As expected, US Senator Russ Feingold (D-WI) introduced the "Competition in Radio and Concert Industries Act," via a press conference July 27 with
representatives of the Consumers Union, The National
Association of Black Owned Broadcasters (NABOB), The American Federation
of Television and Radio Artists (AFTRA) and The Future of Music Coalition to
outline his legislation. His proposed legislation would help small and independent
radio station owners and promoters, and consumers by prohibiting anti-competitive
practices in the radio and concert industries.
"I have worked hard to curb the influence of special interests," Feingold said. "Radio is one
of the most important mediums we have for exchanging ideas and expressing our creativity.
I am committed to fairness and competition and to ensuring that cross-ownership of
promotion services or venues is not used to hurt musicians, concert promoters, or other
Feingold's bill helps small and independent radio owners and promoters by curbing
concentration to level the playing field in the marketplace; helps consumers by
curbing concentration to promote diversity of; information and bring down high
ticket prices; addresses anti-competitive practices by stopping the current
shakedown system, where some radio corporations allegedly leverage their
market-power to shakedown the music industry in exchange for playing their
"I have been hearing from independent radio stations and concert promoters in
Wisconsin who are being pushed out by anti-competitive practices that are in turn a
result of concentration," Feingold said.
"The Telecommunications Act of 1996 opened the floodgates for concentration in
the radio and concert industry, and that's exactly why we are here today – because
we need to repair the damage that has been done through this anti-competitive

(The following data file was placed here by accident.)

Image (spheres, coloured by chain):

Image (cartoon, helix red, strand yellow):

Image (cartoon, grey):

Outline of the Competition in Radio and Concert Industries Act
Section 1: Title: The Competition in Radio and Concert Industries Act
Section 2: Findings and Purpose
To promote the values embraced by the First Amendment to the Constitution
through diverse radio programming based on local input. This bill also helps
facilitate better service to local communities by increasing competition in radio
programming, content, radio advertising, concert venues, and concert
Section 3: Prohibit the use of radio to reduce public access to diverse radio and
This section prohibits any entity that owns radio stations, concert promotion
services, venues from acting in an anti-competitive manner. This section directs the
Federal Communications Commission (FCC) to revoke the license of any radio
station that uses its cross-ownership of promotion services or venues to
discriminate against musicians, concert promoters, or other radio stations.
Section 4: Enhanced scrutiny of further consolidation in radio
This section requires the FCC to scrutinize the effect of national and local
concentration on independent radio stations, concert promoters and consumers.
This section also prevents any upward revision of the limitation on multiple
ownership of radio stations in local markets.
Section 5: Review of use of privately-controlled audience measurement systems
for determination of local markets of radio stations
This section requires the FCC to ensure that any measurement of local radio
markets is independent of and not subject to manipulation.
Section 6: Modification of attributable interest in radio stations and limitations on
local marketing agreements
This section closes a loophole in the local marketing agreement
regulations to ensure that
any station that receives a significant amount of its play lists or
advertising from another
station is considered under the local ownership cap.
Section 7: Modification of regulations on announcement of payment for
This section closes a loophole in the FCC regulations covering "Payola"
– pay for play – to
ensure that radio station broadcasts are not improperly influenced by
the payment, whether
directly or indirectly, to the licensee of any radio station unless an
identification announcement is made.
Section 8: Limitation on suspension or waiver of rules
The FCC may suspend these rules only when it determines that there is
a compelling justification.
Section 9: Annual reports
The FCC is required to issue an annual report on compliance with
these rules and industry
practices. It is required to consult independent sources and to solicit